Porter Fox, Editor, Powder Magazine; Author, DEEP: The Story of Skiing and the Future of Snow (November 2013)
Anne Nolin, Professor, Geosciences and Hydroclimatology, Oregon State University
Jeremy Jones, Founder and CEO, Protect our Winters; Professional Snowboarder
Dave Brownlie, President and CEO, Whistler Blackcomb
Mike Kaplan, President and CEO, Aspen/Snowmass
Andy Wirth, President and CEO, Squaw Valley/Alpine Meadows
Winter is coming. But is the season what it used to be? Tourism is one of the largest economic sectors worldwide and one of the least prepared for climate change. As summer fires and floods terrorize ski resorts and vacation homes in the west, milder and shorter winters with reduced snowfall may threaten the winter sports industry altogether. The last decade was the warmest on record, and the U.S. winter tourism industry experienced an estimated $1 billion loss and up to 27,000 fewer jobs because of diminished snowfall.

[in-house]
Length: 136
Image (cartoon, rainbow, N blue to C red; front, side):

Without action to reduce emissions, analysts predict many of the nation’s ski centers will eventually be forced to close, especially those at lower altitudes. The remaining mountains will become more dependent on snowmaking, which will lead to higher energy use and potentially higher ticket prices.
How can winter tourism sustainably adapt to climate change? What are industry executives, skiers and snowboarders doing to mitigate effects and prepare for long-term challenges?
Join us for a two-part panel with climate experts, a professional snowboarder and industry leaders from the Mountain Collective, which includes some of North America’s most popular ski resorts.
Cost: $20 non-member, $12 members, $7 students